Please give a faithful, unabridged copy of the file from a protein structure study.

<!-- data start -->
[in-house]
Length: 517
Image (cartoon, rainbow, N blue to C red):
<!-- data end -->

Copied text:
[in-house]
Length: 517
Image (cartoon, rainbow, N blue to C red):